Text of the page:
Tools and Technologies I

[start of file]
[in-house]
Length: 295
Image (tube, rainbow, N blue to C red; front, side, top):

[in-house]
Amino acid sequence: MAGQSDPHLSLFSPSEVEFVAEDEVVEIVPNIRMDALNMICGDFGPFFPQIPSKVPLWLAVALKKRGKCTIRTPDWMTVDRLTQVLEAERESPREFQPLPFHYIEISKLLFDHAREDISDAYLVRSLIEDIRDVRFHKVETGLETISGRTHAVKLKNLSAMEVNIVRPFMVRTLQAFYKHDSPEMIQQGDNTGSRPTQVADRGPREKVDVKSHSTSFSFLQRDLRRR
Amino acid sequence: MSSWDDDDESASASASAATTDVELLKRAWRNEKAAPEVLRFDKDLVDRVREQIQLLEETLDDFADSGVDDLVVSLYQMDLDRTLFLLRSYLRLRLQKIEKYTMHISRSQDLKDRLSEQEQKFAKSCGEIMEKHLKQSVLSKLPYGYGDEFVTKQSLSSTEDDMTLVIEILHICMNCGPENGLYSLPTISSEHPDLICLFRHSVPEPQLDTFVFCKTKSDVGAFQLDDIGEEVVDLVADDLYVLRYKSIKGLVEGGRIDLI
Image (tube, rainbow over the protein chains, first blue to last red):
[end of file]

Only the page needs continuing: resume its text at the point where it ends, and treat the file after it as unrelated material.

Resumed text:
Embryonic stem (ES) cells offer great promise for normal tissue repair and diseased tissue replacement. It is believed that this cell therapy someday will revolutionize medicine. However, the use of currently available human ES cell lines in patients risks rejection by the patient’s own immune system. Creating “autologous” stem cells specific to individual patients by therapeutic cloning has offered an alternative way but not without ethical concerns and technical challenges. The procedure requires human eggs, and the successful rate of cell cloning is extremely low, making it hard to be broadly applied to common research and clinical facilities. For more than ten years we have studied a process called cell reprogramming, by which stem cells are produced from a person’s skin cells. In 2005 we made a breakthrough by converting human skin into stem cells using three genes known to be involved in maintaining characteristics of ES cells, in combination with ES cell extracts. Recent breakthroughs by two groups of scientists in Japan and US demonstrate that human stem cells can be generated directly by viral introduction of four genes. These cells are named “induced pluripotent stem” (iPS) cells. The characteristics of iPS cells thus produced are indistinguishable from human ES cells. Thus, this approach heightens the hope and promise beyond the use of ES cells in clinical application, since it bypasses the ethical controversy and can be tailored for each patient for a given therapeutic purpose. Nevertheless, this technology is still in its infancy and is in need of improvement. Major hurdles include a risk of cancer from the stem cells, low efficiency, and the risk of mutation and gene instability. Studies in our current proposal aim at overcoming these hurdles by using three novel strategies. First, we will get around part of the cancer problem by replacing the tumor-causing gene c-Myc with an anti-aging gene, a most potent reprogramming factor recently identified in our lab. This gene is known to affect aging and cell differentiation. Second, instead of using a cocktail of four virus-carried genes, we will construct the new set of genes as a single “poly-gene” to simplify the process of cell transduction and reduce the copies of viral DNA being randomly inserted into the cell. Third, we will create a genetically engineered enzyme that can enter the cells to specifically remove the viral DNA, while not affecting the features of iPS cells. Through this proposed project, we hope to establish a powerful tool that generates personalized stem cells with significantly improved efficiency and safety. We believe our “genetically cleansed” stem cells will bring us one step closer to clinical use in humans. Thus, there is every reason to hope that this revolutionary new approach will result in radically improved ways to create human stem cells to treat disease.